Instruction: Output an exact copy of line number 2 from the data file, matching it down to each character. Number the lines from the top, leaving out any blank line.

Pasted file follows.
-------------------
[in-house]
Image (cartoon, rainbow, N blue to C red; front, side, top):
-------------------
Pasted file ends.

Image (cartoon, rainbow, N blue to C red; front, side, top):